Q&A with National Japanese American Memorial Project Manager Thomas Striegel- Part II

In part II of our conversation with Thomas Striegel, vice president at Davis Buckley Architects and Planners, and project manager for the design and construction of the National Japanese American Memorial, we ask questions related to the Memorial’s present-day impact and Thomas’ hopes for the Memorial’s future.

Q: What is a fun, little known fact about the Memorial?

A: The rocks in the pool are not natural boulders but were shaped from blocks of quarried granite and shaped by stone craftsmen to look like natural boulders. We guided their carving to produce complimentary shapes that worked well together.

Q: What is your favorite aspect of the Memorial?

A: I’m very pleased with the way that we were able to integrate the Memorial comfortably into what is actually a steeply sloping site (the elevation drops 14 feet along the length of D Street) without any steps or steep walkways. The resulting framed views and vistas to and through the Memorial are my favorite aspect. The view from the exterior sidewalks across the pool to the crane sculpture, and from the center plaza through the notch in the wall and across the pool, up the pathway towards the bell, along the tapering waterfall edge of the pool, each create a unique viewing experience that captures the configuration of connections that tell the story of what took place during WWII.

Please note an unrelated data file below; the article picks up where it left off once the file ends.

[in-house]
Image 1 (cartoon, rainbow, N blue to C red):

Q: It has been about 17 years since the Memorial was finished. Is there anything that has surprised you about the memorial over that course of time?

A: I’m encouraged that as we get further in time, past the events that this Memorial commemorates, its success is demonstrated by the continued and seemingly growing interest in its story and lessons by young visitors.

Q: What is the most memorable encounter you’ve had with someone who has visited the Memorial?

A: There have been several, but one that stands out occurred about 9 months after the Memorial was dedicated. I was there to check on an item that required attention when a couple of tour buses pulled up and a large group of Japanese American senior citizens got out and started to walk around the Memorial. I guess I looked like I knew what I was doing so a few people came up and asked me some questions. I ended up giving an impromptu tour of the Memorial to the group. After the tour, the visitors explained that they were celebrating their 50th high school reunion from a school in New Jersey and all agreed that as part of the celebration they had to take the 3 1/2 hour bus ride down to see the Memorial. They further explained that at the end of the war, Seabrook Farms in Cumberland County, NJ, recruited workers being released from the internment camps. Their families had all relocated to NJ, where they attended high school together. I was deeply moved that a trip to the Memorial in Washington, D.C., was the centerpiece of their reunion and how pleased they were to be there.

Q: What are your hopes for the memorial for the future?

A: My hope is that the Memorial will continue to be of interest and grow in interest through increasing public programs and events held at the Memorial. We’ve learned that the more a Memorial is used, the more people will see its value and be committed to its care and maintenance.